One of Colorado's musical giants made a long-awaited return this summer.
DeVotchKa released their latest album, "This Night Falls Forever," seven years after their last studio LP. But the band wasn't taking a break: They were busy working on side projects, touring worldwide and scoring films and TV shows.
The band performs Friday, Nov. 16, and Saturday, Nov. 17, at the Stanley Hotel in Estes Park before departing on a European tour. They return to Denver to perform at the Bluebird Theater on Dec. 30 and 31.
Nick Urata—the band's lyricist, singer and multi-instrumentalist—talked to Colorado Matters about working with the Colorado Symphony and drawing inspiration from his youth.
On how the delay between albums enhanced the quality:
"It didn’t seem like that long for us. It seemed like just yesterday. In hindsight it was actually beneficial. Normally we would just do a big sprint and compose and record an album within a short timespan. But this time, because of all of our collaborations and side projects, we were able to put it on the backburner a few times. And when we came back to it we realized, ‘Hey man, we could make this better.’ But I don’t want to make people wait that long again. That was inexcusable."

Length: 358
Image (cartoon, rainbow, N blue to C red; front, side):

On drawing inspiration from his teenage years and first loves:
"When I look at it, I’m always sort of drifting back there when I write songs. When I sing, I need to find a well of emotions, and I always find that period. They call it your formative years for a reason. The person you become is sort of forged in those fires you go through. I think it’s a mix of [positive and painful]. The first time you fall in love is so huge. But I was thinking at the same time, you’re sort of falling in love with the world. It opens you up to a bigger calling, and I think that’s the feeling I was trying to dwell back to."
On what the album title "This Night Falls Forever" means:
"Those dramatic times in our youth when you don’t realize what’s happening, but one particular night will change your life and the trajectory of your life."
On how working with the symphony and Hollywood made their sound bigger:
"We were doing all these amazing collaborations, like with the Colorado Symphony for instance, and I was working with these world-class Hollywood film orchestras. It was hard to go back to the small quartet after that, so we were like, ‘Let’s bring these onto our new album and make it as big as we can.’ We wanted to give it some vastness, but we wanted to have that intimacy that draws you into a song. I hope we accomplished that."